Of course, trips to the beach wouldn’t be complete wiTower T-Shirt and Plaquesthout stimulating the local economy. This time, I finally bought a few tower-themed goodies from the local shops, including a t-shirt and two wooden plaques as pictured here.

Below are several pictures taken not only of the tower in Cape Henlopen, but images of the ocean, the bay, and surrounding park taken by me  from the very top of the tower.

 

The Purpose of the TowersFire Control Tower2_Long

The Fire Control Towers were constructed by the US Army in the early days of WWII to protect the Delaware Bay from potential incursion by German vessels.

There were 11 total concrete towers built between Cape Henlopen and Bethany Beach. Across the bay in New Jersey, two were built in Cape May and still exist, while the pair in Wildwood have been demolished.

Further north in Delaware, five metal towers were raised in Fort Saulsbury, but only one remains at Big Stone Beach as shown below. Photo credit: http://www.fortsaulsburyde.com

Fort Saulsbury Tower

The towers were mostly constructed in pairs in order to triangulate the position of enemy ships. The information would then be transmitted back to the gun crews.

Cape Henlopen was also the location of Fort Miles army base. Today, the base remains as a tourist attraction with many of the large caliber guns on display alongside the buildings as shown below.

Fort Miles Mobile Gun2 Fort Miles Rail Gun Fort Miles Massive Gun Fort Miles from Tower

Below: From the top of Tower 7, views of Delaware Bay, Atlantic Ocean, and Tower 12 in Cape Henlopen State Park.

Ocean from Henlopen Tower3 Ocean from Henlopen Tower2
Fire Control TowerCape May Ferry

Below: Tower 7 in Cape Henlopen State Park on a perfect summer day.

Fire Control Tower 7

References:

Fort Saulsbury, DE website

Fort Miles, DE website

 

Shore Leave 38 Convention Recap!

My trek to Shore Leave last weekend was much different from any previous year in that I arrived at the con directly from a marvelous week’s vacation in Rehoboth Beach, DE. Clear skies and sparse traffic made driving through the bucolic town of Denton, MD simply serene.

For a fisherman like me, traversing the Chesapeake Bay Bridge was indeed a religious experience. Looking right and left, the view was blue straight to the horizons. Gorgeous.

Then I reached the 695 Beltway right at the beginning of rush hour. Let the road rage begin! Ugh.  Nevertheless, I finally reached the Hunt Valley Wyndham Grand, checked-in, registered for the con, unloaded my car in the blistering heat, took a shower, and missed my 5PM discussion panel.

After dinner at Noodles & Company with friends Sharon and Cyndi Van Blarcom, Lance Woods, and Renfield, we met up with fellow scribe and Firebringer Press publisher, Steven H. Wilson, with whom I had spent the aforementioned week in Rehoboth Beach along with his family and several friends (click here to see vacation pics!).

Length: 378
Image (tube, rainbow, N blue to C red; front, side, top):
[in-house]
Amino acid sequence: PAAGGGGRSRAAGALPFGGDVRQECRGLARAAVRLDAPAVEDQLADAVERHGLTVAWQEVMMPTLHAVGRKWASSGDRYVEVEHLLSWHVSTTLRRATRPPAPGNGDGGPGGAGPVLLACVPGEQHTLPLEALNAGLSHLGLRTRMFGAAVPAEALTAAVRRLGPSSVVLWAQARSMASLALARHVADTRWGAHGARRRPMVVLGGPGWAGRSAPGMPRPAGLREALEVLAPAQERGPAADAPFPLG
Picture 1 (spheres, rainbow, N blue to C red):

Friday night at 10PM brought the traditional Meet the Pros book fair where all of the con’s writer guests gathered to sell and sign books. It also celebrated the release of two new books for Firebringer Press–Steven H. Wilson’s fourth novel, Sacrifice Play: A Tale from the Arbiter Chronicles, and Elsewhere in the Middle of Eternity, the second installment in our speculative fiction anthology series. Seven of nine (pardon the obvious pun) anthology writers were on hand to sign copies including Daniel Patrick “Renfield” Corcoran, Michael Critzer, Susanna Reilly, Stuart Roth, Steven H. Wilson, Lance Woods, and myself. The night was so busy that it’s all a blur to me now and I did not have the time to take too many pics…

Special thanks to Ethan Wilson, Christian Wilson, Jessica Headlee, Jill Mardesich, Tim Marron, and Cheyenne-Autumn Christine Reilly for volunteering to shlep boxes of books from Steve’s car to Meet the Pros and then from there to my hotel room afterward!

Crazy 8 Press at Meet the Pros Firebringer Press at Meet the Pros Renfield at Meet the Pros Lance and Steve at Meet the Pros Susanna at Meet the Pros Michael Critzer and Phil Giunta Peter, Bob, Michael, at Meet the Pros

Elsewhere in the Middle of Eternity

Saturday and Sunday brought about a myriad of discussion panels on writing and publishing. My panel schedule was lighter than usual this year. On Saturday morning, I was a panelist on “The Whole Package” with Richard White, Glenn Hauman, Aaron Rosenberg, Mike McPhail, and Jim Johnson. We discussed all that goes into quality editing, layout, and cover art.

Afterwards, I made my way down to the lower lobby to meet actors Michael Forest and Barbara Bouchet who each guest-starred on episodes of classic Star Trek.  They were both very friendly and I picked up an autographed photo from each of them.

While there, I was stopped by an attendee and asked to sign a Shore Leave trading card with my picture! I was honored, because after all, as Lucy Van Pelt said in the 1965 Charlie Brown Christmas Special, “How can you say someone is great who’s never had his picture on bubblegum cards?”

Phil on Trading Card

I then sat in on the Crazy 8 Press panel as several of the authors, including Peter David, Russ Colchamiro, and Michael Jan Friedman read excerpts from their latest books.

Crazy 8 Press-1 Crazy 8 Press-2